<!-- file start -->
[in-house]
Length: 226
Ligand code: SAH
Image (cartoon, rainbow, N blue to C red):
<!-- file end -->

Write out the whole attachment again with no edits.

[in-house]
Length: 226
Ligand code: SAH
Image (cartoon, rainbow, N blue to C red):